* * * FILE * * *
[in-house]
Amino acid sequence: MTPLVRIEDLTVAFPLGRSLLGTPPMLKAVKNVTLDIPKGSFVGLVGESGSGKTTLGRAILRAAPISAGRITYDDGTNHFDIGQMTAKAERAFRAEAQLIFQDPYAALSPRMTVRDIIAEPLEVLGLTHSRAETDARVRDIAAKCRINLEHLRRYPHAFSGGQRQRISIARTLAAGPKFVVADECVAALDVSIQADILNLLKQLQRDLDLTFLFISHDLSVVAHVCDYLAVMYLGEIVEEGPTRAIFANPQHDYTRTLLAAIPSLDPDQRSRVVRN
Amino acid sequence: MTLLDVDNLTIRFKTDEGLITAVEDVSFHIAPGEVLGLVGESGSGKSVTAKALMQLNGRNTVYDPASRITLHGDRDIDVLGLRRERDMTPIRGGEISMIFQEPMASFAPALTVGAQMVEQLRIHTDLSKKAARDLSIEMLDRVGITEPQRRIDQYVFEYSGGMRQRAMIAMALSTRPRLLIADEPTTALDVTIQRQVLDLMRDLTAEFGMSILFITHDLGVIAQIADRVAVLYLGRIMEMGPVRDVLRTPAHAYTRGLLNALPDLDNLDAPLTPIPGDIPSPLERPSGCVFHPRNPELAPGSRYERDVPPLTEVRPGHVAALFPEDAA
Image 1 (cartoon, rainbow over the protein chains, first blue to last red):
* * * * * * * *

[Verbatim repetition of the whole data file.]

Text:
[in-house]
Amino acid sequence: MTPLVRIEDLTVAFPLGRSLLGTPPMLKAVKNVTLDIPKGSFVGLVGESGSGKTTLGRAILRAAPISAGRITYDDGTNHFDIGQMTAKAERAFRAEAQLIFQDPYAALSPRMTVRDIIAEPLEVLGLTHSRAETDARVRDIAAKCRINLEHLRRYPHAFSGGQRQRISIARTLAAGPKFVVADECVAALDVSIQADILNLLKQLQRDLDLTFLFISHDLSVVAHVCDYLAVMYLGEIVEEGPTRAIFANPQHDYTRTLLAAIPSLDPDQRSRVVRN
Amino acid sequence: MTLLDVDNLTIRFKTDEGLITAVEDVSFHIAPGEVLGLVGESGSGKSVTAKALMQLNGRNTVYDPASRITLHGDRDIDVLGLRRERDMTPIRGGEISMIFQEPMASFAPALTVGAQMVEQLRIHTDLSKKAARDLSIEMLDRVGITEPQRRIDQYVFEYSGGMRQRAMIAMALSTRPRLLIADEPTTALDVTIQRQVLDLMRDLTAEFGMSILFITHDLGVIAQIADRVAVLYLGRIMEMGPVRDVLRTPAHAYTRGLLNALPDLDNLDAPLTPIPGDIPSPLERPSGCVFHPRNPELAPGSRYERDVPPLTEVRPGHVAALFPEDAA
Image 1 (cartoon, rainbow over the protein chains, first blue to last red):